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Yes, I’m in pain. Believe it or not, it pains me to write negatively about the National Certification Board for Therapeutic Massage & Bodywork. I am personally acquainted with many of the people who work there, from the CEO, Mike Williams, on down, to Board members, staff members and volunteers. I count some of them among my friends. I know for a fact that they are dedicated and hard-working people.

I’ve been NCTMB since 2000 and an approved provider of CE since 2002. I’ve seen the ups and the downs of the organization: the days of great service, and the days of bad service. I’ve seen the leaders who had the best interests of the profession at  heart–and one or two who were on a personal mission to bring down the organization with their wild spending and lack of professional ethics. And I’ve seen–and even been a party to–some of their missteps. A couple of years ago when they announced an advanced certification exam, I signed right on. I even appeared in an advertising campaign for it, along with quite a few other well-known massage therapists, educators, and even some illustrious physicians. The failure of that project, I believe, was because it was a general thing, and not a specialty certification–which the profession has been requesting for quite some time.

CEO Mike Williams responded to my Wish List blog last week. I met Williams at the AFMTE meeting a couple of months ago and spent a very enjoyable couple of hours talking with him one-on-one. I hear (from other folks, he wasn’t bragging) that he has a proven track record of helping floundering organizations get back on track. He even joked to me that he had learned everything he needed to know about the NCB from reading my blog.

You can’t please all of the people all of the time, and I know that just from the comments I receive on this blog. However, distress at their latest action seems to be shared by more than a few people. The NCBTMB sent out an application for a new assigned school code to massage schools this week. Now, the organization has required a school code since the beginning; it’s just a number that students must include on their application to sit for one of the NCB exams, and it is supposed to demonstrate that the school is legitimate. That’s good in theory; and I think the original intent was to keep schools and/or individuals from falsifying diplomas and transcripts.READ MORE...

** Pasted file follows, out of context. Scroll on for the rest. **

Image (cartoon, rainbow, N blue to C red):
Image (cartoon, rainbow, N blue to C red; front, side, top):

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Comment by Rob Buckley on August 14, 2012 at 8:15pm

Hello Laura,

Thanks for sharing your post and insights, very useful. I wanted to give a little bit of insight on the human trafficking and massage issue from my perspective: Nepal is one of the new areas of real problem for this, and they estimate between 10,000 to 15,000 every * year * are victims of this. It's a result of 11 years of civil, and still no constitution or functioning government, so the predators do what they do and they take advantage. Some of our students at Himalayan Healers are recovering from human trafficking, and the journey they move through is profound in terms of personal healing and growth. By learning massage in a healthy, safe, respecting environment they are able to let their guards down and to touch and be touched in a healthy way. I can't tell you what a dramatic difference it makes and you can see physical changes over time, along with dramatic emotional healing and growth.

What I wanted to bring up in regards to human trafficking in America: the massage parlors, nail salons, and back alley locations that use "massage" signboards and services for the victims of human trafficking that they control do NOT send their women to massage schools. So... it's of course great the NCB and others bring up awareness of the issue, but... it's definitely off topic (and illogical, crazy, misguided) to think that the pimps and criminals that engage in human trafficking would risk exposure and their funds and time to send the women and children they control to a massage school to learn massage. Just wanted to share my thoughts.

Look forward to seeing you next year in San Diego, hope you have a great day... :) Rob

Comment by Sean Vierra on August 13, 2012 at 6:48pm

Laura, this is somewhat off topic (yet related), but could we chat about how one might go about becoming a CE provider? Either with the NCBTMB or otherwise? If you have any info I would greatly appreciate it. :)

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